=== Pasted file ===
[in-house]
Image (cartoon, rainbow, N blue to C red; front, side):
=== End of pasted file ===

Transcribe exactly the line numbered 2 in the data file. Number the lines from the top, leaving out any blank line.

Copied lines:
Image (cartoon, rainbow, N blue to C red; front, side):